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Basic Breakdown of Verbs

January 8, 2011

A Basic Breakdown of Verb Conjugations

(Regular verbs, Present tense)

I haven’t seen a book series for learning Arabic which I like better than the Madinah series when it comes to teaching verbs. Knowledge should be organized in such a way that it is easy for the student to memorize. What I have seen time and again is that when many different types of verbs (mujarrad and mazeed, regular and irregular, etc) are all mixed together, the student has a difficult time memorizing the many different conjugations. So this will be a basic breakdown of verb conjugations for regular verbs in the present tense – using this chart from Madinah Book 3 and Binaa al Af’aal as a guide. Irregular verb conjugations can be found here and here. Past tense conjugations can be found here and here . It is important to memorize these forms and patterns little by little. Get a notebook, divide it into sections, organize your verbs a little at a time (for example, memorize all 6 forms of thulaathee mujarrad verbs before you try to memorize thulaathee mazeed), then write out how to conjugate each verb.

Any verb charts included in this explanation are my own. I organized the conjugation in a way which made it easy for me to memorize it. To begin:

A verb is either Rubaa’ee (4 letter root) or Thulaathee (3 letter root).

An example of a Rubaa’ee verb is: بَعْثَرَ

So you would look it up in the Hans Wehr under these 4 letters

[In the Hans Wehr, words are arranged by their roots. Even though this can be more difficult for the student at first, it is more beneficial in its arrangement than the Mawrid (because the student learns how to find words by their roots – thus learning how to identify a word’s root)]

An example of a Thulaathee verb is: ذَهَبَ

So you would look it up in the Hans Wehr under these 3 letters

A Thulaathee verb is either Mujarrad (Bare) or Mazeed (Increased)

The thulaathee verb has 6 mujarrad forms and they are verbs on the patterns of:

  1. كَتَبَ، يَكْتُبُ (middle letter in past tense has fat-hah, in the present tense, the middle letter has dammah)

  2. جَلَسَ، يَجْلِسُ (middle letter in the past tense has fat-hah, in the present tense, the middle letter has kasrah)

  3. ذَهَبَ، يَذْهَبُ (middle letter has fat-hah in the past and present tense)

  4. سَمِعَ، يَسْمَعُ (middle letter in the past tense has kasrah, but in the present tense has fat-hah)

  5. كَثُرَ، يَكْثُرُ (middle letter has dammah in the past and present)

  6. حَسِبَ، يَحْسِبُ (middle letter has kasrah in the past and present)

Forms 5 and 6 are a bit more rare than forms 1-4. In Madinah Book 2, chapter 10, it lists forms 1-4, so this is a good lesson to look at:

http://old.iu.edu.sa/spages/edu/syukbah/du2_11.htm

(link updated 7/14/2014)

For verb charts for forms 1-4, look here.

You’ll notice when you look up a word in the Hans Wehr, that it will have a letter beside it. For example, if you wanted to look up درس، then you would see a “u” beside درس. That means that the present tense form of درس has a dammah (or “u” sound) over the middle letter – يَدْرُسُ . So if you see a Thulaathee Mujarrad verb and do not know which of these six ways it is conjugated in the present tense, then look it up in the Hans Wehr. If you see an “a”, this means the middle letter in the present tense has fat-hah, and “i” beside the word means the middle letter in the present tense has kasrah.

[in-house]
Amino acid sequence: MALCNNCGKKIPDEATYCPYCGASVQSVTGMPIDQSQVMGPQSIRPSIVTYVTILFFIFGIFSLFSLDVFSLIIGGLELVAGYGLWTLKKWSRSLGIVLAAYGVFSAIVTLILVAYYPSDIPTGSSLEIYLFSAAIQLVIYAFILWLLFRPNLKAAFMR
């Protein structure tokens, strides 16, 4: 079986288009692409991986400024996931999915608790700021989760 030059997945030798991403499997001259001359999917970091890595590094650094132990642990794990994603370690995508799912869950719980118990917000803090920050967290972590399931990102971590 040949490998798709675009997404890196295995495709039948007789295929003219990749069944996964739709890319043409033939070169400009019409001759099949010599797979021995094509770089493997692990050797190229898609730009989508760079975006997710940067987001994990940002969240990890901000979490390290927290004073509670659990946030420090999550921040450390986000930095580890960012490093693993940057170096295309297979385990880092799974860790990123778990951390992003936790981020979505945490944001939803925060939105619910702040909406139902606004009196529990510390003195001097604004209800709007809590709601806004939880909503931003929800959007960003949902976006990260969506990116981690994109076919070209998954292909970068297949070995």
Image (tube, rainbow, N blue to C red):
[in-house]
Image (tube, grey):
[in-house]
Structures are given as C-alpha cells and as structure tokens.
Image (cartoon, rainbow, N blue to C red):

The masaadir (ج: مصدر ) of Thulaathee Mujarrad verbs have different patterns, but two common patterns are:

1.فُعُوْلٌ For example: خُرُوْجٌ (leaving), رُكُوْعٌ (bowing), سُجُوْدٌ (prostration)

2.فَعْلٌ and فِعْلٌ and فُعْلٌ For example: دَرْسٌ (lesson), فِعْلٌ (action), شُرْبٌ (drinking)

Forming the أمر (command) is somewhat simple for these verbs:

Take the 3rd person masculine singular conjugation of the Thulaathee Mujarrad verb in the present tense, e.g.: يَدْرُسُ

Take off the ي and replace it with hamzatul – wasl (merging hamza): ادْرُسُ

If the middle letter in the present tense has a dammah, then hamzatul wasl will take a dammah: اُدْرُسُ

Give the last letter sukoon: اُدْرُسْ

And that is the command for the masculine singular – Study!

To make it feminine (sg), have the last letter take kasrah and add a ي to it, e.g.: اُدْرُسِي

Now, if the middle letter in the present tense has fat-hah or kasrah, then hamzatul wasl will take kasrah (only) Examples:

يَفْتَحُ

Take off the ي and replace it with ا e.g.: افْتَحُ

If the middle letter has fat-hah or kasrah, the ا (hamzatul wasl) will have kasrah, e.g.: اِفْتَحُ

Give the last letter sukoon: اِفْتَحْ Open! (m.sg)

Do the same thing for يَغْسِلُ

Look at the Madinah lesson (Book 2, dars 14) for further practice:

( http://old.iu.edu.sa/spages/edu/syukbah/du2_15.htm  )

The Thulaathee verb which is Mazeed will be increased by 1 letter, 2 letters or 3 letters

The three forms which are increased by 1 letter:

1.(II)عَلَّمَ، يُعَّلِمُ  (increased by a shaddah – a shaddah letter means two letters are present, one of which has sukoon, e.g.: مَرَّ is really 3 letters – مَ رَ رْ )

2.(III) سَافَرَ، يُسَافِرُ (increased by alif after the first letter)

3.(IV) أَسْلَمَ، يُسْلِمُ  (increased by hamzah [on top of alif] in front of the first letter)

In the Hans Wehr, the definition for verbs increased by shaddah (e.g. علّم ) are listed after Roman numeral II. The definition for verbs increased by an alif after the first letter (سافر ) are listed after Roman numeral III. The definition for verbs increased by a hamzah in front of the first letter (e.g. أسلم ) are listed after Roman numeral IV.

For example, the word قَبلَ . When you look it up in the Hans Wehr, you see:

qabila a

The “a” after “qabila” means that the middle letter in the present tense has fat-hah:

يَقْبَلُ

Then it gives the masdar for the thulaathee mujarrad form ( قَبُوْل or قُبُوْل )

Then it gives the definition of the thulathee mujarrad form: to accept (is one definition). After it lists the definitions for the thulathee mujarrad form, you see II and this is the start of the definitions of the thulathee mazeed forms. II is specifically the definition/s for the root increased by shaddah (like علّم، درّس، etc), which in the case of قبل is: قَبَّلَ

The definition of قبّل is: to kiss